He started by creating access to the service desk and to self-service options through an employee service portal.
“We can put power back into our people’s hands to allow them to close their own ticket. We use the service portal to give them information like, ‘Hey, these are the top 10 issues people have been putting in’ or ‘Here’s a little bulletin about a scheduled change that’s happening this Friday,’” said Greer. “You can help people mitigate having to put in tickets by giving them that kind of information.”
In addition, Greer created a set of SLAs to hold his team accountable for providing swift, useful responses.
“If a ticket wasn’t delegated in the first hour, then a breach email sent to senior staff,” said Greer. “It helps our team stay on top of things and avoid breaches. We’re also able to report on the number of tickets that come in, how attentive we are, and how many we close on the first touch.”
Perhaps most importantly, Greer and his team at Goya have a constant pulse on how employees feel about the service they’re receiving.
“No one wants to fill out 30 questions, so we send a simple email that asks if they’re happy, yes or no,” said Greer. “I encourage them to be honest, because if they say it’s great, I won’t do anything. But if the experience was poor, we follow up. There’s no point in sending it if you don’t follow up.”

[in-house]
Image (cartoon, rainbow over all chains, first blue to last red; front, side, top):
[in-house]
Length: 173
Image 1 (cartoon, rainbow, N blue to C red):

They’ve even changed some of their processes as a result of these customer satisfaction surveys.
“Some of the feedback said it took two hours for someone to come help install an application, and then someone else had to come back for the final configuration,” Greer recalled. “We knew this was a problem, so we implemented fully automated application pushes. We now manage software installs, patching, OS updates, and all of those types of things right from a console so we’re not interrupting the user.”
Goya continues to grow as a global company, and they’re constantly looking for ways to leverage Samanage in different areas.
“Matt Cox (Samanage Solutions Consultant) trained our support team in Spain, and he spoke Spanish for the entire session, which worked out great,” said Greer. “The initial hand holding is really helpful. It makes adoption so much easier when we actually have the experts train our support staff.”
While many IT service desk solutions require the customer to commit development resources for customized functionality, Goya found that assistance is available for any of their needs.
“It speaks volumes to the service Samanage gives,” said Greer. “Too often it’s, ‘here’s your application, now go figure it out.’ Samanage people are there to help, which you really don’t see anymore.”
Goya is also preparing to use Samanage beyond IT, as a single service platform for the entire organization. This way, employees can make any of their service requests in one place.
“The fact is, we use it every day, and it’s getting better every day with the information that we put in,” explained Greer. “So, we’ll already have the data loaded for HR. We’ll already have the data loaded for sales. You know what I mean? We’ve already gone through the hard part.”